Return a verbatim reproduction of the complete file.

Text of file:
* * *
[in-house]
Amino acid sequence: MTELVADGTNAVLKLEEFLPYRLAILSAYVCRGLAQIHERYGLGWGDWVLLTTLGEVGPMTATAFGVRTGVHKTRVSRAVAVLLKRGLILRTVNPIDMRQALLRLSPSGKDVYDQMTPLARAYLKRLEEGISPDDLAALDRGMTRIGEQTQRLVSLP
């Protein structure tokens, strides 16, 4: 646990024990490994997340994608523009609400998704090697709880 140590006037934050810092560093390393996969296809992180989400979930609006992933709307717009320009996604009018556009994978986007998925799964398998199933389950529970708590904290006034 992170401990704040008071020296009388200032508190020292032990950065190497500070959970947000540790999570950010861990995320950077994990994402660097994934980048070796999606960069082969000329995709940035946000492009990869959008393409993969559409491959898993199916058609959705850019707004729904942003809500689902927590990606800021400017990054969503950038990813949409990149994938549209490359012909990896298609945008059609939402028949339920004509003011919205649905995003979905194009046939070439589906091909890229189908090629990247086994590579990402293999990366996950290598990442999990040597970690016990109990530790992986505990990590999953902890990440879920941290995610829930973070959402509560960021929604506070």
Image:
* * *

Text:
[in-house]
Amino acid sequence: MTELVADGTNAVLKLEEFLPYRLAILSAYVCRGLAQIHERYGLGWGDWVLLTTLGEVGPMTATAFGVRTGVHKTRVSRAVAVLLKRGLILRTVNPIDMRQALLRLSPSGKDVYDQMTPLARAYLKRLEEGISPDDLAALDRGMTRIGEQTQRLVSLP
């Protein structure tokens, strides 16, 4: 646990024990490994997340994608523009609400998704090697709880 140590006037934050810092560093390393996969296809992180989400979930609006992933709307717009320009996604009018556009994978986007998925799964398998199933389950529970708590904290006034 992170401990704040008071020296009388200032508190020292032990950065190497500070959970947000540790999570950010861990995320950077994990994402660097994934980048070796999606960069082969000329995709940035946000492009990869959008393409993969559409491959898993199916058609959705850019707004729904942003809500689902927590990606800021400017990054969503950038990813949409990149994938549209490359012909990896298609945008059609939402028949339920004509003011919205649905995003979905194009046939070439589906091909890229189908090629990247086994590579990402293999990366996950290598990442999990040597970690016990109990530790992986505990990590999953902890990440879920941290995610829930973070959402509560960021929604506070």
Image: